OPINION: Yeppoon art exhibit teaches respect
AFTER moving to the Capricorn Coast from NSW I was impressed by the friendliness of the locals; and the large number of talented artists, musicians and theatrical people living in CQ. I was also relieved to discover just how many people care for the environment here; despite being told several times in NSW that Queenslanders were a bunch of ignorant rednecks.
How about that for an incentive to thrash them in the final game of the State of Origin series?
In the last couple of years, I've also been heartened to see the community involvement in the fight against domestic violence; it is one of the most insidious crimes.
We had a White Ribbon photo exhibition on Yeppoon seafront in 2016, organised by active community volunteer Lou Shipway and featuring local men speaking out against this despicable act.
In May this year, staff and students from St Brendan's College held their third annual Walk Against Domestic Violence along the streets and beach of Yeppoon to promote the Not Now, Not Ever message.
On May 30, Livingstone Shire Council held a 5km walk/run along the seafront starting and ending at the new lagoon in support of the Darkness to Daylight Challenge, an event that aims to increase awareness of domestic and family violence, symbolising those lives lost and the ones left behind. The latest council initiative is the launching of the Respect Tree, a concept about promoting "Respect for Yourself, Your Community and Your Environment”.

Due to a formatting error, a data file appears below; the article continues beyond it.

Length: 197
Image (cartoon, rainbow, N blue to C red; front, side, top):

The project comprises a planted pandanus tree enclosed by a sandstone seating area that provides a reflection space.
School children and other community members have embedded their handprints into the concrete around the base of the tree and out to the adjoining footpath, as a symbol of respect.
There is a world map at the installation, to reflect our multicultural community, as well as numerous respect words that are shown in English, Indigenous and South Sea Islander languages. The installation is a reminder to us all that preventing family violence is everyone's responsibility.
Visitors will be able to access further information on the project via a QR code located at the site.
The Respect Tree is situated adjacent to beach access FB4 on Farnborough Rd, at the Yeppoon end of the Beachside Caravan Park.
The project has been a collaboration between State Government, Livingstone Shire Council, Ground Art Landscaping and 25 local businesses that donated goods and services to complete the Reflection Space.
It's a sad fact that family violence is widespread and affects all sectors of the community.
Having been raised in a loving family, and taught to respect others, especially women, I thankfully never experienced it. Unfortunately, as I have gotten older I have seen some tragic examples. Some might wonder how an art exhibit can help; but if we can teach the younger generations about respect we can go a long way towards eliminating this cancer in society.
- Malcolm Wells